FIGS. 4F and 4G illustrate paddles having perforations or other openings that allow the processing fluid to flow through the paddles from one side to the other as the paddles move relative to the processing fluid. For example, referring first to FIG. 4F, the paddle 441 f has opposing paddle surfaces 447 f, each with pores 450 f. The volume of the paddle 441 f between the opposing paddle surfaces 447 f is also porous to allow the processing fluid to pass through the paddle 441 f from one side surface 447 f to the other. The paddle 441 f may be formed from a porous metal (e.g., titanium) or other materials, such as porous ceramic materials. FIG. 4G illustrates a paddle 441 g having paddle surfaces 447 g with through-holes 450 g arranged in accordance with another embodiment of the invention. Each of the through-holes 450 g extends entirely through the paddle 441 g along a hole axis 451, from one paddle surface 447 g to the opposing paddle surface 447 g.

One feature of the paddles described above with reference to FIGS. 4F and 4G is that the holes or pores have the effect of increasing the transparency of the paddles to the electric field in the adjacent processing fluid. An advantage of this arrangement is that the pores or holes reduce the extent to which the paddles add a three-dimensional component to the electric fields proximate to the workpiece W, and/or the extent to which the paddles shadow the adjacent workpiece W. Nonetheless, the paddles still enhance the mass transfer characteristics at the surface of the workpiece W by agitating the flow there. For example, the holes or pores in the paddles are sized so that the viscous effects of the flow through the paddles are strong, and the corresponding restriction by the paddles to the flow passing through is relatively high. Accordingly, the porosity of the paddles can be selected to provide the desired level of electric field transparency while maintaining the desired level of fluid agitation.

FIG. 5 is a partially schematic illustration of a paddle device 540 having a three-dimensional arrangement of paddles 541 (shown in FIG. 5 as first paddles 541 a and second paddles 541 b). The paddles 541 a, 541 b are arranged to form a grid, with each of the paddles 541 a, 541 b oriented at an acute angle relative to the motion direction R (as opposed to being normal to the motion direction R). Accordingly, the grid arrangement of paddles 541 can increase the agitation created by the paddle device 540 and create a more uniform electric field.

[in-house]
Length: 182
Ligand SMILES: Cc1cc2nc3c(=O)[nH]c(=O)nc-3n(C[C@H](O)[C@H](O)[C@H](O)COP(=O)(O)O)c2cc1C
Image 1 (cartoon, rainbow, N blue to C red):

One aspect of the present invention is that, whatever shape and configuration the paddles have, they reciprocate within the confines of a close-fitting paddle chamber. The confined volume of the paddle chamber further enhances the mass transfer effects at the surface of the workpiece W. Further details of the paddle chamber and the manner in which the paddles are integrated with the paddle chamber are described below with reference to FIGS. 6-11F.

C. Embodiments of Reactors Having Paddles and Reciprocation Schedules to Reduce Electric Field Shielding and Improve Mass Transfer Uniformity

FIG. 6 is a schematic illustration of the upper portion of a reactor 610 having a paddle device 640 disposed in a closely confined paddle chamber 630 in accordance with an embodiment of the invention. The chamber 630 includes a top 634 having an aperture 631 to receive the workpiece W at the process location P. Opposing chamber walls 632 (shown as a left wall 632 a and a right wall 632 b) extend downwardly away from the top 634 to a base 633 that faces toward the process location P.

The paddle device 640 includes a plurality of paddles 641 positioned between the process location P and the chamber base 633. The paddle chamber 630 has a height H1 between the process location P and the chamber base 633, and the paddles 641 have a height H2. The tops of the paddles 641 are spaced apart from the process location P by a gap distance D1, and the bottoms of the paddles 641 are spaced apart from the chamber base 633 by a gap distance D2. In order to increase the level of agitation in the paddle chamber 630 and in particular at the process location P, the paddle height H2 is a substantial fraction of the chamber height H1, and the gap distances D1 and D2 are relatively small. In a particular example, the paddle height H2 is at least 30% of the chamber height H1. In further particular examples, the paddle height H2 is equal to at least 70%, 80%, 90% or more of the chamber height H1. The chamber height H1 can be 30 millimeters or less, e.g., from about 10 millimeters to about 15 millimeters. When the chamber height H1 is about 15 millimeters, the paddle height H2 can be about 10 millimeters, with the gap distances D1 and D2 ranging from about 1 millimeter or less to about 5 millimeters. In yet a further particular example, the chamber height H1 is 15 millimeters, the paddle height H2 is about 11.6 millimeters, D1 is about 2.4 millimeters and D2 is about 1 millimeter. Other arrangements have different values for these dimensions. In any of these arrangements, the amount of flow agitation within the paddle chamber 630 is generally correlated with the height H2 of the paddles 641 relative to the height H1 of the paddle chamber 630, with greater relative paddle height generally causing increased agitation, all other variables being equal.